Invasive Species Compendium

Detailed coverage of invasive species threatening livelihoods and the environment worldwide

Abstract Full Text

Allelopathic potential of segetal and ruderal invasive alien plants.

Abstract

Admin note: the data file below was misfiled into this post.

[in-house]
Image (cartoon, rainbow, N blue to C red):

At the global level, the invasion of alien organisms is considered the second largest threat to biodiversity. The assumption is that the high allelopathic potential is one of the features that helps invasive plant species to spread to new areas. Allelopathic potential of 8 invasive plant species (donor species) and their impact on test-species was determined in the study. Donor species were velvetleaf (Abutilon theophrasti Med.), ragweed (Ambrosia elatior L.), jimsonweed (Datura stramonium L.), common cocklebur (Xanthium strumarium L.), tree of heaven (Ailanthus altissima (Mill.) Swingle), indigo bush (Amorpha fruticosa L.), Japanese knotweed (Reynoutria japonica Houtt.) and giant goldenrod (Solidago gigantea Aiton). Three cultivated plant species from 3 different plant families were used as test-species. Test-species were: oat (Avena sativa L.), oilseed rape (Brassica napus subsp. oleifera) and sunflower (Helianthus annuus L.). Water extracts made of whole plants of donor species were applied to the seeds of the test-species. High allelopathic potential was proven for all species included in experiment. Allelopathic effects were exclusively negative. Impact on germination for all species was much lower in relation to the impact on the radicle and shoot length of the test-species. Perennial donor species had a stronger allelopathic potential than annual donor species. Tree of heaven was the species with the strongest allelopathic potential. Its extracts inhibited germination, radicle and shoot length of oilseed rape by 19%, 94.88% and 98.91% respectively.